It's unbelieveable that architectural ‘value’ is a mystery
Best practice: Remember Buffett’s adage: ‘Price is what you pay for, value is what you get’, says Roger Zogolovitch
I recently enjoyed judging the AJ100 Awards, where the criteria was to demonstrate the ‘added value’ the projects gave to their clients. I was delighted by the level of invention that the architects showed, but disappointed that none of the architects had received any financial benefit at all from their efforts.
Having spent a long career as a developer and using my skills in architecture to my financial benefit, I find it unbelievable that architectural ‘value’ is still somewhat of a mystery or, even worse, an ‘embarrassment’ to current practitioners.
Let’s be clear – architects add value through their imagination and clarity of thought. A client’s brief is often vague and superficial; the architect interprets it to make their building. If the client went to any of the management consultants to solve the same ‘problem’ inherent in the brief, that first step alone would capture a big fee.
We analyse the site; we deal with the sclerotic planning and we gain the planning consent. Despite the fact that the RIBA gave up the planning function to the Royal Town Planning Institute, we have allowed planning consultants to use report after report to justify their fees. Remember: it is our architecture, persuasive enough to the wider public to demonstrate the quality of development, that finally tips the balance and delivers to the client the required consent.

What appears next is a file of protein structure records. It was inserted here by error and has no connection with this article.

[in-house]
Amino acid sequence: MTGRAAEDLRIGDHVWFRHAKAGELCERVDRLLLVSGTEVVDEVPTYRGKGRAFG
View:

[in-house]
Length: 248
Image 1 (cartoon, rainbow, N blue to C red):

Do we get financially rewarded for this clear confirmation of adding ‘value’? Maybe some do, if they have been working on spec, driving the project forward and investing their own equity alongside the client. Sadly, many get rewarded by being marched off the job, while the client, having got their value, either sells the site on or moves along to a ‘delivery’ team to make the project more ‘commercial’.
Financial reward in a market economy exists when suppliers can ‘monetise’ their value to their clients. This relationship is done so well by bankers and surveyors, who simply link what they do to the deal. They arrange the loan, make the sale or make a letting, creating a clear value point for the client. For both they are taking fees off the back of the transaction value. To explain this further: when a surveyor charges a fee as a percentage of the sale his fee is only charged when that sale is made. The client receives his £10 million through the sale and happily parts with £150,000 as 1.5 per cent of that sale to his agent.
We need to be able to be part of that approach. As a fundamental, we need to understand the key tool of the ‘development appraisal’ to enable us to present the added value element of our services to justify our claim to transactional fees. We need to be part of the project decision-making, a valued part of the client team, rather than endlessly discounting fees to get work.
We must make better use of our legal rights for establishing and holding onto our intellectual property. It’s what we do on a daily basis. We generate original ideas, concepts and ways of making buildings look good. We need to understand and use the EU’s simple rules for registering trademarks, designs and, when possible, patents. We need to look at those client appointments and ensure that we retain our copyright, licensing it to the project, obviously, but not giving it away.
We must change our thinking. We need to understand the client’s commercial drivers and come alongside. We should become comfortable in identifying and declaring those places where we can and do add value. We need to understand how to put fees on risk and negotiate fee bonuses as reward. We need to remember that great quote from Warren Buffett, the Sage of Omaha: ‘Price is what you pay – value is what you get.’
- Roger Zogolovitch is creative director of Solidspace